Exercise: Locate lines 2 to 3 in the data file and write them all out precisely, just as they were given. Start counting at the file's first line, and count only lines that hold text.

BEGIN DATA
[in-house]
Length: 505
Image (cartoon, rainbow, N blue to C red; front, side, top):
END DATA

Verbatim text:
Length: 505
Image (cartoon, rainbow, N blue to C red; front, side, top):